After we had both finished work, Sara and I paid a visit to Rouge Park that was quite fleeting due to the late hour and the fact that the sun is already setting almost an hour earlier than it was back in late June. We parked on Zoo Road and walked the Vista trail only as far as where the evergreen lined ridge begins shortly after the viewing platform.
After emigrating to Canada, Rouge Park was one of the first places that I ever saw Eastern Bluebirds and I have since looked out for them ever since. I was pleased to see them on this visit, with a new youngster in tow – which is the main reason I’m even posting what is otherwise a quite short blog post! The photo below shows the male from the pair. His colours are a little bolder than the female’s.
Purple Loosestrife is flowering throughout Southern Ontario now, and there is lots of it lining the meadow areas of Rouge Park. The plant has been introduced to North America and can crowd out other species, which can have a knock-on effect on waterways and the waterfowl and other creatures that live there. It is, however, popular among some pollinators. It was late in the day for butterflies, but we saw plenty of bees and other insects making use of the flowers.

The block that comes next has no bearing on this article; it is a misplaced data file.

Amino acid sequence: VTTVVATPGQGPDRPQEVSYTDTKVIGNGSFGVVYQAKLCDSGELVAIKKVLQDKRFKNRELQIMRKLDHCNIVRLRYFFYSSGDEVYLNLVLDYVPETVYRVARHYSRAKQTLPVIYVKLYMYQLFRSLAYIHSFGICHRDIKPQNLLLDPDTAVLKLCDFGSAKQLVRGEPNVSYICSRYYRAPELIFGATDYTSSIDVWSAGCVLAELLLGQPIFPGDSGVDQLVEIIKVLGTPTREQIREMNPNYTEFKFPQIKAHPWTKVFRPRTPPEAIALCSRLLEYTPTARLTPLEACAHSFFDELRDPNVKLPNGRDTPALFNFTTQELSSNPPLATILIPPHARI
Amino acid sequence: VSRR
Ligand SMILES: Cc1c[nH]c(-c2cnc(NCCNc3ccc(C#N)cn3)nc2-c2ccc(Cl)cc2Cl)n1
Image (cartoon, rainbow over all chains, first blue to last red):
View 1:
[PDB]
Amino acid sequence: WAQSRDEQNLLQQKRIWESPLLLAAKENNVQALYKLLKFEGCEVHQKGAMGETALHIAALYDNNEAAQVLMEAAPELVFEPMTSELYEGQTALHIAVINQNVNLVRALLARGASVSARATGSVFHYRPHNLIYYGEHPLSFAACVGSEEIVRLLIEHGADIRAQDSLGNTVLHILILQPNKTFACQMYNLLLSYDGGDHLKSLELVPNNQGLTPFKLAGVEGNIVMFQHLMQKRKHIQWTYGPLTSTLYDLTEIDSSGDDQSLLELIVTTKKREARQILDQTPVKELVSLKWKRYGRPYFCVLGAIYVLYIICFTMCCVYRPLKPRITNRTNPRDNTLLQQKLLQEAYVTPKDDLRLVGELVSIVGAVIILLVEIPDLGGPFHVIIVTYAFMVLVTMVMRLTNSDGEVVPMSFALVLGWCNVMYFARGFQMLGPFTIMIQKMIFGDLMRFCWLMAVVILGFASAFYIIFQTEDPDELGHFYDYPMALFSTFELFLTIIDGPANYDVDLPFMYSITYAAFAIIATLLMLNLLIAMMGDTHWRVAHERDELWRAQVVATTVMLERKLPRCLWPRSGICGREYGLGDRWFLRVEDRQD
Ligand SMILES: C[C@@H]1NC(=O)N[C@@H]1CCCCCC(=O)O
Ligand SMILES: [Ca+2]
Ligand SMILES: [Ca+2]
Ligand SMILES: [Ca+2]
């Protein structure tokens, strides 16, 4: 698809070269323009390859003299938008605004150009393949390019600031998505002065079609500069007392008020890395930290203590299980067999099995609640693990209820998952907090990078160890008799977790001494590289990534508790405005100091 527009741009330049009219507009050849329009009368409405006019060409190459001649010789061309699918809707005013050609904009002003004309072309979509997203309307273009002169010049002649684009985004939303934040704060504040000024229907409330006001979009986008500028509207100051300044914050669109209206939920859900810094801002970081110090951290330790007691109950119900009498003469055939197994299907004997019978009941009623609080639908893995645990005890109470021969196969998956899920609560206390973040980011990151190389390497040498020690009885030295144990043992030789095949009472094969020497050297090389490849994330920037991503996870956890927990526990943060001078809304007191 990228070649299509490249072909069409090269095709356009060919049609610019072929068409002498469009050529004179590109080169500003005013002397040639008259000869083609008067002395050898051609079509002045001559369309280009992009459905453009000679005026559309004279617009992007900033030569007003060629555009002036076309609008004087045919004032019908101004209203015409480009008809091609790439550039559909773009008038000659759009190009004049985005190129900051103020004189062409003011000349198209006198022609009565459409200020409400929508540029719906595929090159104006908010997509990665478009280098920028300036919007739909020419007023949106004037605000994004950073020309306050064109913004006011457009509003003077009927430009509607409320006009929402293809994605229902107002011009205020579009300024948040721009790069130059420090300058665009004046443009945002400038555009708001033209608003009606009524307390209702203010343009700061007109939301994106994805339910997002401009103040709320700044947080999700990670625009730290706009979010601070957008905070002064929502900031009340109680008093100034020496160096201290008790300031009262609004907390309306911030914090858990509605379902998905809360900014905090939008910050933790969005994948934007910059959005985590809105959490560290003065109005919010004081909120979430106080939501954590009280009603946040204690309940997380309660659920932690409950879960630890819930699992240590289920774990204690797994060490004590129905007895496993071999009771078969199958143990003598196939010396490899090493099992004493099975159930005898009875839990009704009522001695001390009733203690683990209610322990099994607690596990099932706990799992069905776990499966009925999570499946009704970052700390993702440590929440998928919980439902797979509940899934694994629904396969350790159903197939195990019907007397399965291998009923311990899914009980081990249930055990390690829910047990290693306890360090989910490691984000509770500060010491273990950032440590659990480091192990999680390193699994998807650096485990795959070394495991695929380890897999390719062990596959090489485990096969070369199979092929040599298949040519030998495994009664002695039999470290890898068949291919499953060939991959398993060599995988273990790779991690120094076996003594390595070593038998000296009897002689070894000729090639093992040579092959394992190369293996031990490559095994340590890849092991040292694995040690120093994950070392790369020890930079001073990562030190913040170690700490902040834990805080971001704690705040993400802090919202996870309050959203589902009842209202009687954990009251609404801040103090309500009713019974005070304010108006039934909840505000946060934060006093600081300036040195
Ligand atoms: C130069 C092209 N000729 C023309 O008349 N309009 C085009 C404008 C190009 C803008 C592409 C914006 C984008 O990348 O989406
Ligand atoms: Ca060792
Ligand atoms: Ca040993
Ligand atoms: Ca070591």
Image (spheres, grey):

We turned around to leave – it was just after 8pm and the light is already fading by this time, especially on overcast days. We must have done something to upset a nearby Gray Catbird. They are often quite shy, hiding amongst the brush making a “mewing” cat sound as their call, from which they are named. Their song is a mixture of scratchy, warbling sounds with the occasional attempt to mock the song of other birds. On this occasion, the Catbird was sticking to the mewing sound and appeared to be aiming his or her annoyance in our direction! They are grey in colour with a black cap and tail feathers. They have a tendency to excitedly flick their tail feathers, often revealing rufous or chestnut coloured under-feathers just visible in the photo below.